Fludarabine, Injection


What are other names for this medicine?

Type of medicine: antineoplastic (anticancer)

Generic and brand names: fludarabine, injection; Fludara

What is this medicine used for?

This medicine is given to treat chronic lymphocytic leukemia when other anticancer medicines are not effective.

This medicine may be used to treat other conditions as determined by your healthcare provider.

What should my healthcare provider know before I take this medicine?

Before taking this medicine, tell your healthcare provider if you have ever had:

  • An allergic reaction to any medicine
  • Blood disorders such as hemolytic anemia
  • Kidney disease
  • Skin cancer

Also tell your provider if you have recently had any kind of infection.

This medicine may make men sterile (unable to have children). If you plan to have children someday, talk with your healthcare provider before you start treatment.

Males and females should use reliable methods of birth control during treatment and for at least 6 months after completing treatment.

Females of childbearing age: This medicine is not usually given to pregnant women because it can harm the baby. If you are pregnant, tell your healthcare provider. Do not become pregnant during treatment with this medicine. If you become pregnant, contact your healthcare provider right away. Do not breast-feed while you are receiving this medicine.

How do I use it?

This is a very strong medicine. Only healthcare providers experienced with this drug should prescribe it. It should only be given in a clinic or hospital where you can be monitored closely. This medicine is given by injection (shots) or by IV infusions (slow drip through a needle into a large vein). How long you will need this treatment will be determined by your healthcare provider.

What should I watch out for?

You will need to have blood tests regularly to see how this medicine affects you. Keep all appointments for these tests.

If you need emergency care, surgery or dental work, tell the healthcare provider you are taking this medicine.

This medicine may make you dizzy or drowsy. Do not drive or operate machinery unless you are fully alert.

This medicine may make your mouth sore. Use a soft bristle brush or mouth swab to brush your teeth.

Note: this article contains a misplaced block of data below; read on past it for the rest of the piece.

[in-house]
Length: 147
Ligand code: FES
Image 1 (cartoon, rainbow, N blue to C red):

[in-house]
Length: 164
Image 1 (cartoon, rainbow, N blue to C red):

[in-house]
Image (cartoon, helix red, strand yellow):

Do not drink alcohol or take aspirin while receiving this medicine. It may increase the risk of bleeding. Report any unusual bleeding or bruising to your healthcare provider.

You may get infections more easily when you are taking this medicine. Stay away from people with colds, flu, or other infections. Also, do not have any vaccines without getting your healthcare provider's approval first.

What are the possible side effects?

Along with its needed effects, your medicine may cause some unwanted side effects. Some side effects may be very serious. Some side effects may go away as your body adjusts to the medicine. Tell your healthcare provider if you have any side effects that continue or get worse.

Life-threatening (Report these to your healthcare provider right away. If you cannot reach your healthcare provider right away, get emergency medical care or call 911 for help.): Allergic reaction (hives; itching; rash; trouble breathing; chest pain or tightness in your chest; swelling of your lips, tongue, and throat).

Serious (report these to your healthcare provider right away): Chills; fever; extreme tiredness; seizures; unusual confusion; mouth sores; cough; sore throat; trouble breathing; chest pain; fast heartbeat; vision problems; fainting; unusual bruising and bleeding; black or tarry stools; dark or bloody urine; increased urination; tingling or pain in your arms, legs, feet, or hands; coma; loss of vision; severe blistering, peeling, or red skin.

Other: Nausea; vomiting; diarrhea; loss of appetite; confusion; stomach pain; hair loss; muscle pain; diarrhea; weakness; headache; swelling in your legs or feet.

What products might interact with this medicine?

When you take this medicine with other medicines, it can change the way this or any of the other medicines work. Nonprescription medicines, vitamins, natural remedies, and certain foods may also interact. Using these products together might cause harmful side effects. Talk to your healthcare provider if you are taking:

  • Pentostatin (Nipent)
  • Immunosuppressants such as azathioprine (Imuran), cyclosporine (Gengraf, Sandimmune, Neoral), mycophenolate mofetil (CellCept), pimecrolimus (Elidel), sirolimus (Rapamune), and tacrolimus (Prograf)
  • Live virus vaccines

If you are not sure if your medicines might interact, ask your pharmacist or healthcare provider. Keep a list of all your medicines with you. List all the prescription medicines, nonprescription medicines, supplements, natural remedies, and vitamins that you take. Be sure that you tell all healthcare providers who treat you about all the products you are taking.


This advisory includes selected information only and may not include all side effects of this medicine or interactions with other medicines. Ask your healthcare provider or pharmacist for more information or if you have any questions.

Keep all medicines out of the reach of children.

Do not share medicines with other people.

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